I thought about it. I remembered how nasty she'd been when her brothers got killed, but that had been understandable. On the other hand, I didn't know why Monroe was messing around with her, even though he'd said that her nooky
was excellent. That was probably true, based on the fact that the worst I've ever had was wonderful.

“Yeah,” I said. “I tied him down and taped a funnel on his mouth and then poured ten Old Milwaukees down him. Then I poured four shots of peppermint schnapps down him. Then I poured two shots of whiskey down him. Then I poured a snifter of brandy down him. Then I poured two martinis down him. Then he puked. But I kept pouring it down him. Then I opened a bottle of tequila.”

“Oh bullshit,” she said. She went around to the passenger side and got in. “Just drive me uptown,” she said. “I'll get him sobered up after awhile. You got a beer in here?”

“Trunk's full of it.”

“Well, how about getting me one out?”

“That your daddy looking out the window?”

“Yeah. He watches me like a hawk now Where's that beer?”

The ice broke after she got one down her. I had a little of the joint left and we shared that. By the time we got to town we were laughing and talking and singing along with Monroe's tapes. I felt a little guilty, but he was still sleeping on the back seat. When we got to the bar he was still asleep, and she had wormed her way over next to me in the seat. When we pulled up and stopped, she said she didn't really want to go in, and could we ride around a little longer? I said sure.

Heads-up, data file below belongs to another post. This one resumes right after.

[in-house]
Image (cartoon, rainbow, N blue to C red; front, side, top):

I can't remember anything that happened after that. I know a lot of things happened, but I can't remember what they were.

48

We were in a ditch when we woke up. It was muddy, and we had mud all over us. Mud was all over the seats. It had caked on the dash, on our clothes, on the headliner. We were way up in the woods somewhere, as usual. The sun was shining. It was nine o'clock in the morning. My mouth felt like a wad of cotton, and mosquitoes had feasted on us all night long. He was still asleep on the back seat. I woke him up and we flipped a coin to see who'd walk out to the road and flag somebody down to come pull us out. He won. Or lost.

49

I slept for about two days and then I went back to work on my work. I thought about painting a few houses just to keep my hand in and help tide me over when winter came but I could hardly bring myself to do it. It was hard to turn loose some of that freedom. That old freedom was nice.